U.S Air taxi developer, Wisk Aero, expects in October to unveil its sixth generation version of eVTOL aircraft which the company then aims to bring to FAA certification, reports flightglobal.com.
While Vertical Aerospace’s VX4 Aircraft attracted the primary flying taxi headlines at this year’s Farnborough Airshow, Wisk’s full-size display of its fifth generation eVTOL, a two-seat model called Cora, located in a large chalet building offset from the main halls, still wowed the crowd.
Executives from California-based Wisk and its primary financial partner Boeing, are quick to point out that their team is among only a few to have cracked the complicated problem of developing an aircraft capable of taking off and landing vertically, and then transitioning into forward flight.
Wisk Aero ‘Cora’ at Farnborough
Brian Yutko, Chief Engineer for Sustainability and Future Mobility at Boeing, remarked, “Doing that is a very difficult flight-control problem. There are only a few that can design a plane that can take-off vertically and fly horizontally.”
Explains flightglobal, “Cora has 12 wing-mounted lifting fans and one aft-mounted pusher propeller. A typical take-off involves ascending vertically to about 40ft, then transitioning to forward flight, a process taking about 25 seconds.” Gary Gysin, Wisk CEO, says his company is flying test aircraft “almost every day” and that its fleet “has logged some 1,600 trial flights.” As for the latest aircraft version, he enthused, “We will be flying the new version soon.”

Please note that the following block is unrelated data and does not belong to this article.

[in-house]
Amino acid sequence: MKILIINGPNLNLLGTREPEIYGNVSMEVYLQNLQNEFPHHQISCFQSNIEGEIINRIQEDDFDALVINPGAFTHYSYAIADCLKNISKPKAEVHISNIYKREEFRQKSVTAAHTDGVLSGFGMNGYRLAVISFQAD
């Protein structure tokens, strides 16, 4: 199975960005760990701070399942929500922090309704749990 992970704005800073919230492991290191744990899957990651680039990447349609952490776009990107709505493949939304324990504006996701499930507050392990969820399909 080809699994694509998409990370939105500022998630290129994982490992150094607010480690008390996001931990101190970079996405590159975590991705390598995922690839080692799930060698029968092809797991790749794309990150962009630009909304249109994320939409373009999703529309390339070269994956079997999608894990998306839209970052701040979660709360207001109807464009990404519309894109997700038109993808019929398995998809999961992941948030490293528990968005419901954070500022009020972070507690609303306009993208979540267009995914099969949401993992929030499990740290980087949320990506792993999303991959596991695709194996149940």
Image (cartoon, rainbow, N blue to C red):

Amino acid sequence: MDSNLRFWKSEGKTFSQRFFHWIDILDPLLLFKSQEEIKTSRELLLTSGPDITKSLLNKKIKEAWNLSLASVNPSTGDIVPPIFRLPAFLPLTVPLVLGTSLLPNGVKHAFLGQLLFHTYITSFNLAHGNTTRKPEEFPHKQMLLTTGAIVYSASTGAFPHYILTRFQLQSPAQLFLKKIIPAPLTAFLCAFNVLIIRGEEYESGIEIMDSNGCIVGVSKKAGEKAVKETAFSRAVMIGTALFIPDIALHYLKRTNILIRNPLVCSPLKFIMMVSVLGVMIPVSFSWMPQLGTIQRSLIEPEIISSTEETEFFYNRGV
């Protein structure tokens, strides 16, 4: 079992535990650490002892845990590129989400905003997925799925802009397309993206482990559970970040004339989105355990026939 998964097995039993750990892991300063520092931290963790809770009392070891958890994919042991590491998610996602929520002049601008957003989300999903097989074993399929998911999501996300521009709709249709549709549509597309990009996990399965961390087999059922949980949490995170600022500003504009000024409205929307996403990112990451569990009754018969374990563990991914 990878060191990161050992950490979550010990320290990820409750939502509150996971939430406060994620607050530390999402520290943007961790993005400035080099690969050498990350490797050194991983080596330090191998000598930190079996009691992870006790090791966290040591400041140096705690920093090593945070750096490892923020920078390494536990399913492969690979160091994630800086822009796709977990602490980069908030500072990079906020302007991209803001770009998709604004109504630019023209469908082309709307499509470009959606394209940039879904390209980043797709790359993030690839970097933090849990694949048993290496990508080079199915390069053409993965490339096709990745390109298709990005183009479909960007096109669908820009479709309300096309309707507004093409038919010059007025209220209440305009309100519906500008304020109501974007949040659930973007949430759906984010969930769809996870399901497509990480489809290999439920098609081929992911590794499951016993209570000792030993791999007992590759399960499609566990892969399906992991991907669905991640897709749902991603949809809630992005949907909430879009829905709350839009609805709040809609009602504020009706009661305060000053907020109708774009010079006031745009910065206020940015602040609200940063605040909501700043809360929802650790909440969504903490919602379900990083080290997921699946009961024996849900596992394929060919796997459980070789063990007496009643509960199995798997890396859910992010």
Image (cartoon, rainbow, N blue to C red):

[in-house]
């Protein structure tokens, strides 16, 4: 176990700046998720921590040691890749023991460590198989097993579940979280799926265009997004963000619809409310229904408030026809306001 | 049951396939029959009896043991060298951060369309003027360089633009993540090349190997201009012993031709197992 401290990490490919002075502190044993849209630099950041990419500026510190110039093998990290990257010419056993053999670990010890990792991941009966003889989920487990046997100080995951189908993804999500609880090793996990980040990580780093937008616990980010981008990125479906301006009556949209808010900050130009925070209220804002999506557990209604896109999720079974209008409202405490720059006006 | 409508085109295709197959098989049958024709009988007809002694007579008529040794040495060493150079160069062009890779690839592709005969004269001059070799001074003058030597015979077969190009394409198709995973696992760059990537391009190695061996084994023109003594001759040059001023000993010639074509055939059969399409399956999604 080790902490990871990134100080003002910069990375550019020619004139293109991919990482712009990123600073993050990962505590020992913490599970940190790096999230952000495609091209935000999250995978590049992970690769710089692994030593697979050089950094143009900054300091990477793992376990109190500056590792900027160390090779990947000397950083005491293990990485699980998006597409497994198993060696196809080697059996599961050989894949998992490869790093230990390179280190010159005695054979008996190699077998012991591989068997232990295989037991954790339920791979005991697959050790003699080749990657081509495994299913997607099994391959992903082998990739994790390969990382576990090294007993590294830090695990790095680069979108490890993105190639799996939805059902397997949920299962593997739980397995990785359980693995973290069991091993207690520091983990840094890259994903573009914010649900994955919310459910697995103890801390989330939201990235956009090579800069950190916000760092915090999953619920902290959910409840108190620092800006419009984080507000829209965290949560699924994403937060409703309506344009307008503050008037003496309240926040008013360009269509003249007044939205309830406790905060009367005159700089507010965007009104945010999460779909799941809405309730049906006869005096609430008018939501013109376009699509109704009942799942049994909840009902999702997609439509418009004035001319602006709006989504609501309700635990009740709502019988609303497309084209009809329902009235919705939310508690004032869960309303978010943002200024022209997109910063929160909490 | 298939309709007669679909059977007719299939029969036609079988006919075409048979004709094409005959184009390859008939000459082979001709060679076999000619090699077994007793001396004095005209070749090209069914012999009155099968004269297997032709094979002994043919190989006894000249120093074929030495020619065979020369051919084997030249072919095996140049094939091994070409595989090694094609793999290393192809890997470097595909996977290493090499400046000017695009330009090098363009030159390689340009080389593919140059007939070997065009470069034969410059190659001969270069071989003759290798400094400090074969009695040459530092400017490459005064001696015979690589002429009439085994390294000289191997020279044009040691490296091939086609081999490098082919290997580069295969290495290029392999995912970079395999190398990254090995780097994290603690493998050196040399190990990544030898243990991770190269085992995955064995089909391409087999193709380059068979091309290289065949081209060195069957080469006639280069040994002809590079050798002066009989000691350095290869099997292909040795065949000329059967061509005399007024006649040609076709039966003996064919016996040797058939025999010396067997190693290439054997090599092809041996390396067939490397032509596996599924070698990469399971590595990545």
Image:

This six-generation prototype will likewise have wing-mounted lift-fans, but Gysin has declined to say, if it will also have a pusher propeller.
Wisk and competing developers of eVTOL aircraft ultimately see their designs becoming autonomous. While its rivals see a need for piloted variants, initially, Wisk’s aircraft will be autonomous from the start. Yutko affirmed, “We will certificate the first passenger-carrying autonomous aircraft.”
Due to technical requirements associated with full autonomy, Wisk is not saying when it hopes to achieve certification, freeing engineers to focus on safety-of-flight considerations. Gysin describes Boeing’s backing as critical, pointing out, “We are able to tap their aerospace expertise.”
Watch Video: “Wisk Aero at Farnborough Airshow”
Wisk has some 500 people working on the eVTOL project, including about 100 Boeing engineers. Operations are being performed at sites in California, St Louis and Virginia, as well as elsewhere in the eastern USA.
Wisk has not said where it expects to produce its air taxi, but Gysin says: “It won’t be in California. It’s not the lowest-rent district in the world!” He anticipates Wisk could build up to 2,000 eVTOL aircraft within five years of service entry. Unlike some competitors, the company intends to operate its air taxis, “At least at first,” says Gysin. “That doesn’t mean it’s going to be forever”.
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(News Source: https://www.flightglobal.com)